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Daily Round Up: Minister for housing appointed Portas high street remit; Theo Paphitis considers La Senza rescue deal; disposable income falls more than £500

From around the web and the nationals

MINISTER FOR HOUSING AND LOCAL GOVERNMENT, Grant Shapps, has been allocated responsibility for implementing retail consultant Mary Portas’ recommendations for reviving the UK’s high streets. Last week, Portas revealed that a minister would be allocated a ‘town centre’ remit before March, when a government response to the review is expected. Portas also unveiled her 28 recommendations to halt the decline of the UK’s high street that include removing red tape and liberalising parking restrictions.

THEO PAPHITIS,retail entrepreneur and owner of lingerie chain Boux Avenue, is reportedly considering a rescue deal for lingerie chain La Senza. According to The Telegraph, Paphitis is mulling a bid for the retailer, which he previously owned and sold in 2006 to private equity firm Lion Capital for £100m. Lion Capital appointed KPMG last week to mull a series of restructuring options for La Senza that could include administration.

DISPOSABLE INCOME has fallen £552 over the last year, according to research by the Bank of England. The survey of 2,000 households suggested household spending  will continue to be reined in over the coming year, with more people taking on second jobs. Saving, rather than spending, is also growing, with 15% of households saying they saved more this year and 24% saying they expect to save again over the coming year.

BLUEWATER in Kent has been named the best shopping centre in the UK, according to retail property expert Trevor Wood Associates. Gateshead Metro Centre came second and Westfield Stratford came third. The list of the best 500 scores each centre on attractiveness to shoppers, retailers and investors, analysing elements from tenant turnover to shop vacancies.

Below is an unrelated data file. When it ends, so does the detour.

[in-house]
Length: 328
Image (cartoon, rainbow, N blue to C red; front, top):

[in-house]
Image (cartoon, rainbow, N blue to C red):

MERGER & ACQUISITION (M&A) ACTIVITY will rise in 2012, according to a survey by the Royal Bank of Scotland Corporate & Institutional Banking, published today. More than half (58%) of companies with revenues of over £25m are looking to acquire smaller companies next year. The Financial Times reports another third of those 201 executives surveyed said they were interested in buying or merging with similarly sized rivals, more than twice the number earlier this year. The Independent reports that the number of UK businesses looking to buy or merge with an overseas competitor has more than doubled since the start of the year.

ANN SUMMERS, the lingerie chain, is looking at international expansion, according to The Independent. The retailer’s chief executive, Jacqueline Gold, said overseas expansion in Sydney, Australia and California, the US, is being mooted.

BLACKS LEISURE, the outdoor retailer, is seeing hopes for a formal takeover bid fade, as rival retailers and buy-out firms eyeing the group look at pre-pack administration as the only viable restructuring solution. The Financial Times reports a pre-pack deal would allow potential purchasers to cherry-pick the best assets but walk away from the costly distribution warehouse and head office, plus shed unwanted shops from Blacks’ 300-store estate.

HELLY HANSEN, the outdoor and winter sports brand, has been put up for sale according to Reuters. Helly Hansen owner, private equity group Altor, is selecting an investment bank to prepare for a sale and if the market remains the same Altor will seek buyers in March. It is thought the brand could fetch £291m.

 

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